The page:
There are no chairs in the conference room at NowForce, an Israeli start-up company. That makes for a very dynamic 20-minute meeting each morning where employees discuss what they have been doing since yesterday’s meeting.
Dynamic is a good word to describe this company, which was created in 2008 to answer a simple, yet potentially life-saving question: How can emergency workers arrive at the scene more quickly?
It all started when a first responder found out that he was right in the next hotel room as a young boy, who was unconscious, died before medical personnel could get to his room. Had that emergency worker known what was happening in the very next room, that boy’s life might have been saved.
NowForce is the result of some brainstorming by that first responder and others to create a computer program enabling anyone using a smartphone to be contacted for nearby emergencies. Meanwhile, there is a command central that keeps track of the location of emergencies ranging from car crashes, medical problems, fires, incidents of terrorism and many more.
If a first responder has NowForce’s app turned on, that emergency worker can check his or her own cellphone to learn exactly what is going on and where. But responders also can turn off the app if they are unavailable at work or somewhere else.
The information is all gathered at a central location, which includes NowForce’s Jerusalem office, as well as the offices of any police or other organization purchasing the software. As quickly as a new symbol designating an emergency pops up on the screen, so does the location of someone able to help out.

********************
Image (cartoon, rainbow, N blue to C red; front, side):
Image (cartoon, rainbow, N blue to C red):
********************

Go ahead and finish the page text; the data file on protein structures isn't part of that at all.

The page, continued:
When that emergency call comes in, an imaginary ring around the perimeter of the scene is drawn and everyone who is in that area and meets the qualifications of what is needed, gets an alert to their cell phone.
Normally, the local fire, police or ambulance departments are contacted for all emergencies. But sometimes there aren’t enough volunteers to handle all problems in one area, or a responder gets stuck in traffic and takes longer than normal to arrive on the scene. Meanwhile, it is fairly likely that some first responder is nearby, maybe at a job, meeting friends or eating. This responder may or may not be on duty and may or may not be in his or her normal coverage area.
But, if the app is on, he or she is able to respond.
The technology also can be used by individuals who can download the application on their Android or iPhone and then use it should they need help.
Response times for emergencies have dropped substantially for areas subscribing to NowForce’s system. About two years ago, the company broadened its range into Montgomery County and now has an office in Chevy Chase. For at least the next year, the company, whose technology is in use in such varied places as Israel, Nigeria, Brazil and Vietnam, plans to focus its attention on the United States market.
CEO Assaf Shafran temporarily has moved with his family to Kemp Mill to help thrust his company into the market here, particularly focusing in on Homeland Security and other governmental agencies. NowForce received a U.S. patent for its technology about six months ago, he said.
Back in Israel, NowForce’s technology is in the hands of United Hatzalah of Israel, the country’s large nonprofit volunteer ambulance service, and was used this summer by those protecting young people on Birthright trips. It also has sold its technology to the Society for Protection of Nature in Israel, the organization that monitors all travel in the country.
NowForce has a contract with Rivers State, Nigeria, and has shortened that government’s response time by about 80 percent, Shafran said.
“We are purely a technology company, selling software to command centers,” Shafran explained as he gave a tour of his one-floor office, which consists of a lot of cubicles and a few meeting rooms.
“You can save a lot of lives in just this small place,” Shafran said.
To learn more about NowForce, visit their website at www.NowForce.com.